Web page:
• requirement of an improved Horse or Ivory to build a Circus,
  • requirement of an improved Horse, Cow, or Sheep to build a Stable,
  • requirement of an improved Iron to build a Forge,
  • requirement of an improved Stone or Marble to build a Stone Works,
  • requirement of an improved Gold or Silver to build a Mint,
  • wonder production bonus from nearby Marble,
  • requirement that the city be adjacent to a Mountain in order to build an Observatory,
  • trade route income from resource diversity,
  • and so on...

Say you have two cities (for example Rome and Antium) whose workable ranges overlap a pastured Horse. Rome was the first city to claim the Horse tile. Rome can, therefore, build a Circus (assuming Trapping has been researched). If you go to the management screen of Antium, you can assign it to work the Horse tile (which prevents Rome from being able to work that tile), but Antium still cannot build a Circus. That is, two cities cannot build a building that requires they both have the same tile.

Civilization V - Rome has horses Civilization V - Antium doesn't have horses
[LEFT] Rome has annexed a tile containing horses and is building a Circus.
[RIGHT] Later, that tile overlaps with Antium's workable radius, but it cannot build a Circus because the horse was originally claimed by Rome.

Alternatively, if a resource is claimed by a city's culture, but is outside of a city's workable radius (four tiles or more away), then it never counts as "near" that city...

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Civilization V - Casimir III of Poland

Halfway through my series of strategy posts about Brave New World's new civilizations, we have Poland.

Poland is a Slavic nation in Central Europe that can trace its origins to the 10th century AD, when Mieszko I united the pagan tribes that were ruled by his ancestors and was crowned the first King of the Polans. He was baptized during his reign and the young Polish kingdom quickly became part of the Catholic sphere of influence. During the late Middle Ages, the rulers of Poland began putting increasing focus on educational and social reforms, and Poland became one of the best-educated nations in all of Europe, which may have contributed to it becoming a popular destination for immigrants - particularly Germans, Jews, and Armenians. The high level of education may have also helped protect the Polish population from the effects of the plague, as Poland had one of the lowest mortality rates of any European nation during the time of the Black Death. The combination of large numbers of immigrants and the popularity of Protestantism during the Reformation helped Poland to become a very tolerant culture. Its central location in Europe made Poland a subject to many wars, particularly with Germany, Prussia, and Russian. The nation was occupied by Nazi Germany during World War II, and was firmly within the Iron Curtain during the Cold War, but eventually returned to a democratic style of governance based on a market economy after the fall of the Soviet Union.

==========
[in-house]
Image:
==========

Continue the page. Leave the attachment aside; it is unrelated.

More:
Civilization V: Brave New World - Casimir III

Casimir III was the last King of Poland from the Piast (founding) Dynasty, and is widely regarded as the nation's greatest leader. He inherited a nation that was crumbling due to a war-blasted economy, and the legitimacy of his claim to the throne was questioned by his political rivals. In order to gain the favor of the landed elites, he reformed Polish law to grant special privileges to the higher castes; and he gained the favor of Jewish immigrants by granting them unprecedented protections under the law that allowed them to maintain their religious and cultural identities during a time in which other European Jews were being forced to convert to Christianity. During his reign, he founded Poland's first major university, and promoted an educated society. Casimir remarried several times, and since all of the children from his first and fourth (final) marriage were daughters, he left no lawful heirs; thus, he named one of his nephews to be his heir. By the end of his reign, Poland had doubled in size and had a flourishing economy and growing educated classes.

Led by the bearded and intimidating Casimir III, Poland was an immediately attractive Brave New World civilization due to Solidarity. Free social policies you say? Yes, please! Give me those policies so that I may conquer the world! Poland is Chichian's favorite civ in the expansion (and maybe the whole game) due to her fondness of social policies. I can't really argue against her.